Buying email lists doesn't just damage your deliverability and brand reputation -- it can also put your email account at risk. Email clients like Gmail, Yahoo!, and Outlook don't want to be associated with accounts that recipients repeatedly flag as spam. Email service providers like AWeber go as far as immediately closing your account if it suspects you're sending unwanted content. http://buildingastorybrand.com/wp-content/uploads/2017/02/email-marketing-banner.jpg
I like that you specifically mentioned art design and quality control. I get it, mail marketing design is hard sometimes, but nothing is going to make me less interested in your product than sloppy design. I won’t name names, but I get catalogs sent to my house by a major music retailer and those things are a NIGHTMARE to read. Product layouts that change from page to page, inconsistent use of pictures, it was just rough. I get not everyone has that Restoration Hardware/IKEA budget for catalogs (especially in an industry that doesn’t rely on them as much anymore, so maybe it’s not the fairest comparison) but a little more time and care will make me much more interested in whatever this year’s new Fender is.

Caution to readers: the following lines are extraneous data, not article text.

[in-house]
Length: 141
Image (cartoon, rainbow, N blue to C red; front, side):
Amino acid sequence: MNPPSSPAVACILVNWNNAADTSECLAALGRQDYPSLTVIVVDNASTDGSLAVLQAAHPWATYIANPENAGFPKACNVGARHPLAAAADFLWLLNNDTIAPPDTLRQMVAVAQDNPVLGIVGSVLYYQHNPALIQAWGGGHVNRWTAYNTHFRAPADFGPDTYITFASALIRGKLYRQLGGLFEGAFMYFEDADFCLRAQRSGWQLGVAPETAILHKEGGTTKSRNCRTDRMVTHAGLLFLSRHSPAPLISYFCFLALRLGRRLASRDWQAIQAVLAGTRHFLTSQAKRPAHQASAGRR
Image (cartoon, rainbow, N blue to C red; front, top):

Julie Ewald recommends moving away from sending generic content to your whole email list  via e-blast entirely. With a little elbow grease, you can utilize segmentation and start sending off tailored messages to each of your lists with content that’s relevant, valuable, and designed to resonate with the kind of recipients that make up each segment.
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